MINNEAPOLIS (WCCO) — As sure as the sun goes down, drivers get worried when the cost of gas goes up. And if you take a quick cruise across the Twin Cities, you’ll notice a steady climb in the price at the pump.
“When they’re high in this pickup truck it’s definitely killing us,” said driver Rekoe Howard.
“I mean I know there’s reasons for [the price hike], it’s just hard to survive every day,” said driver Heather Menonkariyil who carpools with her husband to work to save money.
As of Monday night, average price per gallon in Minnesota was $2.53 according to GasBuddy.com. It’s gone up twenty cents in the past month. One year earlier, the price was significantly lower at around $1.99.
Patrick DeHaan, Senior Petroleum Analyst with Gas Buddy, said in the past 10 years gas prices have only risen twice between Halloween and Thanksgiving.
“This really is a story about supply and demand. Supply is down, demand is up, that’s leading to higher gas prices,” DeHaan said.
Several factors are leading to the low supply according to DeHaan. He first pointed out that refineries are conducting maintenance which means less gas is being produced. For the Great Lakes region, he said that drop in gasoline production is typically supplemented by the Explorer Pipeline which connects the Gulf Coast refineries to Chicago.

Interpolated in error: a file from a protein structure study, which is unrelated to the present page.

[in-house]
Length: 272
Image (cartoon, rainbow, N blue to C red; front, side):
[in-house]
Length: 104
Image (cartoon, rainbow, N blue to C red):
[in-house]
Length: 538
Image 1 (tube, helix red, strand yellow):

“That pipeline about two weeks ago sprung a leak and was partially shut down, thus severing the artery that can be relied on as a backup,” he said.
And even though it’s been a few months since Hurricane Harvey, American drivers are feeling its aftermath.
“Those Harvey issues have caused gasoline inventories to drop in recent weeks to their lowest in three years,” he said.
Lastly, DeHaan said the price for a barrel of oil is at $57, $10 higher than in the summer.
“Usually by this time of year demand is down but as our data is telling us we are expecting a lot of people to be hitting the road, in fact perhaps record numbers of Americans hitting the road,” he added.
Even with the prices steadily rising, DeHaan said drivers don’t typically change their spending habits until the price tops $3.00.
“There’s a huge psychological impact because we drive by gas stations dozens of times a week and that $2.00 sign is ingrained, it’s burned into vision. Once that changes expect to see consumers shifting and start complaining more noticeably just because we’ve been at this $2.00 level for some time,” he said.
If the prices don’t change for the better, Howard might end up changing his ride. He said he drivers more than 100 miles per day due to his commute.
“I would definitely be downsizing and driving something smaller,” he said.
DeHaan said gas prices should continue climbing but that they likely won’t reach the $3.00 mark, however he said they won’t drop near $2.00 either anytime soon.